As its name suggests, a permalink is a permanent hyperlink or URL address that identifies a web page. These links are often generated automatically when using a CMS (content management system) or a blogging platform. As such their use is particularly common in blog sites, although by no means exclusive to them.
A permalink typically consists of two parts: one is the domain name and the other appears after the domain and is known as the slug. For example, in www.yourblog.com/your-first-blog-post, the slug would be the part that comes after the forward slash. The slug is made up of a string of characters, which can be words or numbers. If they are words, they usually refer to the page name or blog post title. If they are numbers, they often make reference to the date a link was created or to the ID number assigned to the link by a CMS or by a scripting language.
A permalink is a static link, which means that its URL address remains unchanged over time. These links keep their name and structure even if changes are made to the content of the page they identify. For instance, in www.yourwebsite.com/blog.html, the URL would remain unchanged even if you edited the content of the blog’s homepage.
By contrast, a dynamic link contains variable parameters. Dynamically generated links are usually created by scripts that have the ability to create database queries. Another difference is that these links tend to be longer than permanent links. In some cases, the URL address will be so long that it is cut off in search results and returns a 404 error if a user tries to open the page by copying and pasting the link address. Moreover, and unlike permanent links, dynamic links often include non- alphanumeric characters, such as %, &, ?, or +.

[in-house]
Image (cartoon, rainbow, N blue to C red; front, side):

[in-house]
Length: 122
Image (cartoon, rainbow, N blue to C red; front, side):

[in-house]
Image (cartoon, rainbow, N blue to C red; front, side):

Permalinks are a common feature in blog sites, although their appearance may vary. For example, a typical URL address for a blog would be:
For a standalone blog (not associated with a parent website), a typical URL address would look like this:
Within the first example, a permalink leading to a blog article would be:
In the second example, the URL permalink would be:
Two of the most common types of blog permalinks are:Links describing content, where the string of text after blog/ matches the blog post’s title:
www.yourwebsite.com/blog/how-to-improve-your-blog-ranking.htmlLinks with an ID, such as:
In this case, ‘artid1’ refers to the blog post’s ID number that appears in the database where blog content is stored.
Generally, a semantic description with relevant keywords is often the first choice, depending on the content management system you use. For websites with lots of pages, this can be supplemented by generic number combinations.
In WordPress, for example, the permalink for a new article can be edited right below the title:
Screenshot of WordPress
As a site owner, you should make every effort to ensure permalinks are SEO friendly. This is so because search engines take the URL of a web page into account for indexing and ranking. Moreover, an SEO-friendly permalink is easier to remember for website users, and since visitors can easily get an idea about the content, these permalinks are likely to generate higher click-through rates.
When changing the permalink of a web page for SEO purposes, it is important to add a 301 redirect from the old URL to the new one. If using a content management system, this can usually be done via the permalink settings option. Otherwise, it is possible to redirect a permalink via the .htaccess file.
To improve SEO performance, permalinks should be structured following these recommendations:
- They should be simple, descriptive, and easy to read.
- Keywords that are relevant to searches of potential site visitors should appear and be placed in the first few words of the permalink.
- Ideally, they should have no more than 5 words and contain no stop words.
- Words should be separated by hyphens, not underscores. Search engines treat hyphens as word delimiters, which is not the case with underscores.